Auction block for Getty Images
Getty Images, the world's biggest supplier of pictures and video to media and advertising companies, has put itself on the auction block...
The New York Times
Getty Images, the world's biggest supplier of pictures and video to media and advertising companies, has put itself on the auction block and could fetch more than $1.5 billion, people briefed on the situation said Sunday.
The Seattle company hired Goldman Sachs to advise it, these people said.
Getty has attracted interest from several buyers, mostly private equity firms, including Kohlberg Kravis Roberts, Bain Capital and others.
Final bids are due by the end of the month, but people briefed on the auction cautioned it was unclear which firms would submit a bid.
A sale is not assured, because the tightening of the high-yield debt markets has cut off private equity firms from the lifeblood of their business.
Getty, founded in 1995, has grown through acquisitions into a go-to source for visual media, claiming an average service of 3.2 billion images and 4 million unique visitors at its Web site each month.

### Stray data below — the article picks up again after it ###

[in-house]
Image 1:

The company's main selling point is the licensing of high-quality images from professional photographers around the world.
Among its main clients are advertising agencies and media companies. It also offers video footage for use in movies, television and the Internet.
A spokeswoman for the company contacted last week said the company does not comment on "rumors and speculation."
Its main rivals, Jupitermedia, and Corbis, a private company owned by the Microsoft founder Bill Gates, have also made a number of acquisitions, though they remain far smaller than Getty.
The Internet — a medium that Getty pioneered by being the first to license images online — has made it easier for clients to find pictures for less money.
Getty's shares have declined more than 47 percent in the last year. In November, it reported a third-quarter profit of $25.7 million, down 31 percent from a year ago.
Last April, Getty also restated its earnings and took a $28 million to $32 million charge after an internal investigation into the backdating of stock options grants to executives.
Copyright © 2008 The Seattle Times Company
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